Advertising `tags` are not limited to non-moving `print-like` advertisements (e.g., a billboard). Advertising `tags` can also be associated with other formats such as audio and video. For example, a television in a video game may be `tagged.` This television `tag` may reflect that the user tuning the television to a particular channel may cause a full motion video advertisement to be streamed. Various other advertisements may be streamed or rendered on additional channels subject to the whim of the game designer and the extent of `tagging` of assets for advertisement introduction. Similar attributes may be reserved for providing real-time programming and the like (e.g., short films, movie previews and so forth).
 Similarly, audio may be `tagged` for advertising purposes. For example, if a user plays a video game with a radio (e.g., in an automobile), the game designer may create different stations whereby actual music from actual musical artists may be played. That music may be interspersed with various advertisements as one might hear over the radio in the real-world. Similarly, the actual music a user listens to may be a dynamic play list as in the case of a real-world radio station instead of a one-time, static soundtrack. In that way, the user may play the game today or five years from now and be able to listen to not only relevant advertisement but relevant music that is current and popular as of the day the user plays the game.
 Determining whether an advertisement impression of a `tagged` asset has occurred for the purpose of populating an advertisement reference list may be accomplished using a line-of-sight determination as illustrated in FIG. 3. The elements identified in FIG. 3 are exemplary and may include various alternatives, equivalents, or derivations thereof. In FIG. 3, an obstructed line-of-sight 320 is shown between game character 300 and advertisement 310. FIG. 3 also shows an unobstructed line-of-sight 350 between game character 300' at a different position relative to advertisement 310. The determination of obstruction may be established by testing line-of-sight 320 (or 350) between game character 300 (300') and advertisement 310 that passes through a center of an obstruction probe 325.
 In some embodiments, obstruction probe 325 may be a spherical object with a predetermined radius r. Obstruction probe 325 may travel along the line of sight 320 (or 350) between game character 300 (300') and advertisement 310. If obstruction probe 325 does not collide with any obstacles, then the line-of-sight between the game character and advertisement 310 may be deemed as being unobstructed. If game character 300 is located in an optional impression area (as described herein) and oriented toward the advertisement 310, an impression of the advertisement 310 may be confirmed and advertisement reference information may be added to an advertisement reference list. Unobstructed line-of-sight 350 illustrates the absence of object obstruction between game character 300' and advertisement 310, which may allow for an advertising impression and subsequent population of an advertisement reference.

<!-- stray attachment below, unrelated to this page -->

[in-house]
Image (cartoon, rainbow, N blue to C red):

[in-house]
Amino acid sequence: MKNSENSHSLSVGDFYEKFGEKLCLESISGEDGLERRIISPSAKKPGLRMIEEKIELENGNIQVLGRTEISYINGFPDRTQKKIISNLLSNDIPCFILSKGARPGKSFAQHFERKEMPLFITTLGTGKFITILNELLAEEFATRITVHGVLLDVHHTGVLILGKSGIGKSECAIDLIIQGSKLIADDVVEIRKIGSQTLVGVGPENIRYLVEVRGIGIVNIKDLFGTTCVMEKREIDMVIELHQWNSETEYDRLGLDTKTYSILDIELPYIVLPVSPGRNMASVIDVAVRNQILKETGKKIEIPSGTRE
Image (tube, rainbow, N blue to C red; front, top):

Alternatively, line-of-sight 320 may be obstructed as a result of one or more objects 330a . . . 330c, preventing an advertising impression and the subsequent addition of advertisement information to an advertisement reference list. If the obstruction probe 325, while traveling along (obstructed) line-of-sight 320 intersects one or more polygonal sides 340a . . . 340c of one or more objects 330a . . . 330c, where each of one or more objects 330a . . . 330c is typically constructed from multiple polygonal sides 340a . . . 340c, then an unobstructed view of the advertisement 310 relative the game character 300 may not be possible and no advertising impression may be generated notwithstanding the presence of the game character 300 in an optional impression area.
 An impression area may be defined, in part, by a combination of a first angle θi and a second angle θr relative to a surface vector of the advertisement. The first angle θi is the angle measured from a ray to the surface normal (θ) wherein normal incidence is an angle of zero. The second angle θr is the angle measured from a ray to the surface normal. The second angle θr, at least with regard to isotropic surface, may be identical to the first angle θi (i.e., θi=θr). For example, a first angle θi and second angle θr each may have an angle of about 30.sup.θ relative the surface normal. Impression area or obstruction probe information may be defined by an advertiser (e.g., through an advertisement `tag`) or set by a particular manufacturer of a video game or other digital environment wherein an advertisement might be viewed. Various other impression area determination methodologies are disclosed in U.S. patent application Ser. No. 11/241,229.